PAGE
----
Bahauddin was one of the nobles of Mughal Emperor Jehangir. He was also known as 'Chuna Paz' (lime burner) because he overlooked the preparation of plaster. His tomb and mosque are built in red sandstone and are situated side by side enclosed by a low wall in the southern side of Fatehpur Sikri. The small mosque is only one bay deep and three bays wide and has no dome. There are three red sandstone mihrabs adorning its western wall and the central one was deftly carved. However, several coats of white wash have deformed it. The arched opening of the wall once had a stone screen and still has the carved rossets and inscriptions above it. The northern wall has a beautiful perforated screen, which is now in pitiful condition.
Eight pointed stars, tulip patterns and engrailed niches border the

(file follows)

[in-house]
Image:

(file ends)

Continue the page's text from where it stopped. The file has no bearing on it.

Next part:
arches. The twelve-sided shaft of the column supporting the façade
has a stylized base in shape of a peacock's tail and a miniature squinch
on its top. The brackets supporting eaves are delightfully ornamented
too. The most striking feature of the mosque is a pillar with 'guldasta'
(bunch of flowers) patterns carved on it. One can reach the tomb through
a small gateway on the right side of the mosque. It is enclosed by
perforated marble screens on all sides. The main entrance is simple and
is inscribed with Koranic verses.
A pillared verandah surrounds this tomb and small stone eaves and
parapets grace the roof. The dome surmounting the roof rests on an
octagonal base with inverted lotus on the top. White marble pinnacles
can be seen both at the tomb and the mosque. The exteriors of the tomb
are paneled with engrailed niches. The small stone fence enclosing the
tomb is so delicately and intricately designed like woodwork and has
miniature battlement on its top. It is the best railing found in
Find information on the mosque and tomb of Bahauddin at Fatehpur Sikri.